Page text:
A good many times I have been present at gatherings of people who, by the standards of the traditional culture, are thought highly educated and who have with considerable gusto been expressing their incredulity at the illiteracy of scientists. Once or twice I have been provoked and have asked the company how many of them could describe the Second Law of Thermodynamics. The response was cold: it was also negative. Yet I was asking something which is about the scientific equivalent of: Have you read a work of Shakespeare’s?
These important laws — the first law of thermodynamics—energy is neither created nor destroyed—and the second law—energy tends to become more random and less available—are relegated to the realm of too much information.50 This apathy toward science makes it laughably easy for the public to be deceived, or for people to deceive themselves.
Energy is an amount, while power is a measure of energy flow. And that’s a critical distinction. Energy is a sum. Power is a rate. And rates are often more telling than sums.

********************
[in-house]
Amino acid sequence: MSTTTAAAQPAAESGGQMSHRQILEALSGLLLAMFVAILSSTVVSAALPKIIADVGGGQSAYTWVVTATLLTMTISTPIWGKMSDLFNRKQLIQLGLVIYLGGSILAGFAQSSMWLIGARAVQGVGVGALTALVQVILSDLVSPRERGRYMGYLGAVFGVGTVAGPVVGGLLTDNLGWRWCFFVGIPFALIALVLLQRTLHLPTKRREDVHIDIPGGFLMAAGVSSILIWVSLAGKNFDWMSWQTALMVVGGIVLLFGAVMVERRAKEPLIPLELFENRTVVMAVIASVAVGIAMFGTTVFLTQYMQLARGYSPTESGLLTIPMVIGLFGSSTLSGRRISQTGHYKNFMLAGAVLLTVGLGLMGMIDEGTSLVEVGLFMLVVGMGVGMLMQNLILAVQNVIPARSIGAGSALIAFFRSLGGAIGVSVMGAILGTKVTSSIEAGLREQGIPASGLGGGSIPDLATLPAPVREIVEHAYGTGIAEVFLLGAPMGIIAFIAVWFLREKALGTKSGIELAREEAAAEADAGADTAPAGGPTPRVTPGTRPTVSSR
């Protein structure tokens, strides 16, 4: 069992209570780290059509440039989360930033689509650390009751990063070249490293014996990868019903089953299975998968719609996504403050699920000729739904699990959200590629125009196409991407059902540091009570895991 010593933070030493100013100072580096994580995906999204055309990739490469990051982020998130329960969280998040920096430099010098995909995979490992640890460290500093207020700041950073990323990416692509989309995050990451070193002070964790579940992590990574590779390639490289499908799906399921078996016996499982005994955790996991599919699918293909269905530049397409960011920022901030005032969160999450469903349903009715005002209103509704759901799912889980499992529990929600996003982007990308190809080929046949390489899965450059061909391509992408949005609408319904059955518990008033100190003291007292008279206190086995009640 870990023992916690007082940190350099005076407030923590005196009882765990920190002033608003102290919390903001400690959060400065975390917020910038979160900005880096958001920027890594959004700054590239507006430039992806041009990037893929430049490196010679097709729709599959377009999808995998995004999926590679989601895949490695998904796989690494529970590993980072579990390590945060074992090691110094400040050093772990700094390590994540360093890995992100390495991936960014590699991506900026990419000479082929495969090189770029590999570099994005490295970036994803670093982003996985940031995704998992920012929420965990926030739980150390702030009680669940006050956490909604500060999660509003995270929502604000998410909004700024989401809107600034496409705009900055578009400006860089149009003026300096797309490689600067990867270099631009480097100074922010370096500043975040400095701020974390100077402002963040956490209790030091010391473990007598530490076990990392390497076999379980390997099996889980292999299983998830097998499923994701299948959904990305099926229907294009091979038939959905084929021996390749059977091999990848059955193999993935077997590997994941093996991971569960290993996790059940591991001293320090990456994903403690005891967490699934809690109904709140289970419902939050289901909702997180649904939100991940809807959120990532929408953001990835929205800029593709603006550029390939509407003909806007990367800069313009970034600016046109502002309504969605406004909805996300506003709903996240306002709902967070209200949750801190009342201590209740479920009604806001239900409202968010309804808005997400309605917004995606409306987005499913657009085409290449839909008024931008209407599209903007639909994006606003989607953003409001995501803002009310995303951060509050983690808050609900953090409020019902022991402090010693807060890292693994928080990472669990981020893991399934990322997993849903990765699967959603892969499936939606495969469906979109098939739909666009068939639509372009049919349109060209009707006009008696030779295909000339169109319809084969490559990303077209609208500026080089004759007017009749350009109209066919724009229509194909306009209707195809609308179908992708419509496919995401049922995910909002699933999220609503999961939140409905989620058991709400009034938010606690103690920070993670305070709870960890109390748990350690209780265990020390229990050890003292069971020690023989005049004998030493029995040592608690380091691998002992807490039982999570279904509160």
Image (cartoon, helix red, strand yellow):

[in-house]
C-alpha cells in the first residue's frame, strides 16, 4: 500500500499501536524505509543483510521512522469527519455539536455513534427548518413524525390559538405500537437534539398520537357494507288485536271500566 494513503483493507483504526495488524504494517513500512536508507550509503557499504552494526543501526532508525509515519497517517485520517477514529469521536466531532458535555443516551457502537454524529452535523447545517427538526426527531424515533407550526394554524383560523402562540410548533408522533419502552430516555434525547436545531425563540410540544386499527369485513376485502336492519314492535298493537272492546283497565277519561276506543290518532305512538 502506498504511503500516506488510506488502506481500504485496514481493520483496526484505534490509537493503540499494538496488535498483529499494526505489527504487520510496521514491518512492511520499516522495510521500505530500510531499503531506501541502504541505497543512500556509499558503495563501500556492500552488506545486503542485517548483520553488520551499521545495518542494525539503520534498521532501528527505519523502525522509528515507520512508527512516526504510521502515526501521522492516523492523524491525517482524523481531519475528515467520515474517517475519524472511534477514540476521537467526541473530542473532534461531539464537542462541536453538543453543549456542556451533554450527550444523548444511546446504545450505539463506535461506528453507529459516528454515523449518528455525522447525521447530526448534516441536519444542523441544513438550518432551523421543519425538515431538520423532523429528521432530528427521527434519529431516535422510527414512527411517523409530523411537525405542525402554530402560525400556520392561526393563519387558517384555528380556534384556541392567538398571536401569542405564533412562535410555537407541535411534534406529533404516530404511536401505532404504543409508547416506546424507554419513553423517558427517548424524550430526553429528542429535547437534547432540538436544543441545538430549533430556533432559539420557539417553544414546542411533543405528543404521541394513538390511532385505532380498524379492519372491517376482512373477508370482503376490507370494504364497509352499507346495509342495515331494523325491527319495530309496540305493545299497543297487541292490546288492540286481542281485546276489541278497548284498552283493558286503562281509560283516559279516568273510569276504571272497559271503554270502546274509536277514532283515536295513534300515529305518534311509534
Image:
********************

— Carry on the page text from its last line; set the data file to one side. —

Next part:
When it comes to doing work, we insist on having power that is instantly available. We want the ability to switch things on and off whenever we choose. And that desire largely excludes wind and solar from being major players in our energy mix, because we can’t control the wind or the sun. Weather changes quickly.
Renewable energy has little value unless it becomes renewable power, meaning power that can be dispatched at specific times of our choosing. But achieving the ability to dispatch that power at specific times means solving the problem of energy storage. And despite decades of effort, we still have not found an economical way to store large quantities of the energy we get from the wind and the sun so that we can convert that energy into power when we want it.